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Local mayor laments end of privately-run prisons in Queensland

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All of Queensland’s prisons are again run at taxpayers’ expense after a Crime and Corruption Commission report criticised jails being run by “profit-driven” organisations, but the move has upset at least one local mayor who does not see a reason for the change.

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Two privately run prisons were flagged to return to public hands in the wake of the 2018 report, with the Southern Queensland Correctional Centre near Gatton the last to make the switch.

Having a single operating model across the state was important to reach high standards in prison services, Corrective Services Minister Mark Ryan said.

“The government took the view that the best operating model for all centres in Queensland was public operation,” he said on Wednesday.

“Public operation because of our staffing model, public operation because of consistency, but also public operation because we believe that is the model which delivers the best outcomes for employees, for the community and for those who are offenders in custody.”

However, Lockyer Valley Mayor Tanya Milligan, who was not invited to the minister’s press conference, has spoken out against the change, saying the company that ran the prison, Serco, did an “amazing job”.

Lockyer Valley Mayor Tanya Milligan. Image: ABC

She said Serco was careful to ensure the prison maintained connections with the community, exhibiting prisoners’ art at the local gallery and acting as partners in “exceptionally collaborative” ventures with the council.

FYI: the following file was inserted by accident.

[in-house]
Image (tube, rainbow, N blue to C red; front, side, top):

She said the female prisoners she had spoken to had said that Serco’s management was good and that some of them were worried about the change.

“I personally have concerns about what that transition may look like and I hope there’s not too many changes,” she told ABC radio.

“I really pray that it will be what they have said it will be but we’ll wait and see.”

However the mayor has championed the announced $618 million expansion of the facility, currently housing about 300 women prisoners, to include a men’s prison by 2023.

The state’s latest budget included $320 million to go toward expansion of the Southern Queensland Correctional Centre to increase prison capacity.

The 2018 CCC report said the two prisons run by multinational, profit-driven corporations had their own ethical climate and “tone at the top”.

“This marketised approach, where prisons are operated by private, profit-driven organisations, disconnects the state from direct responsibility for the delivery of privately operated prisons,” the report said.

“This model creates challenges for the state in ensuring prisoners detained in privately operated facilities are treated humanely and have appropriate access to programs and services.”

The same report found the entire prison system was overcrowded and susceptible to corruption, citing instances of staff supplying drugs or weapons to inmates, colluding to avoid searches and coaxing prisoners to bash fellow inmates.

-with AAP

 

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